“Growing Up Queer” shows us Kolmannskog, or Kolmannskog’s alter-ego, growing up queer against the fundamentals of being brown in a very, very white country. His parents’ relationship, joyous early on, deteriorates under the pressures of having to perform the perfect inter-racial family, impervious to racism and bigotry. 

The collection is spiritual, and takes Buddhist and Bhakti legendary names as spiritual guides, and is also self-consciously anti-caste, anti-fascist, anti-oppressive.

Throughout the collection, mothers, aunts, grandmothers figure large, carrying the best and worst of cultural judgement and love with them. “Nanima and Roger Toilet” is a sweet, compact  story about the ways in which oppressions operate that can connect us. How we can connect across language barriers to communicate completely different lives. A life lived fighting is a life well lived, but it is tiring.

“Sweetie” is a ships-passing-in-the-night story, setting up the collections multiple repeated theme: you can love someone for a short while, even when you find them on Grindr. “Tower of Silence” is a relentlessly navel-gazing, honest walk through a simple day, ending with a very satisfying act of charity.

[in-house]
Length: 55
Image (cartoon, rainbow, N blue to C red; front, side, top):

“Ravan Leela” was the least successful story in the collection for me because it exists more in the theory and the morals than the emotion – the machinery shows. But it is followed by the fantastic “Murder of Crows” which does much of the same work, talking about caste, cleanliness, the ways in which people can subvert and disrupt it. “Murder Of Crows” is subtle. You meet your eyes with the story, and you understand. “Shredded Dates” is bitter, terribly bitter. And I suspect this is the most universal LGBTIAQ+ theme there is. We are all lonely. Someone broke our heart, once. It also has a stinging little slap of an end, in contrast with the earnestness of the rest of the collection.